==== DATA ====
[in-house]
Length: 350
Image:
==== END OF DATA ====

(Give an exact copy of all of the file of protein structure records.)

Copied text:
[in-house]
Length: 350
Image: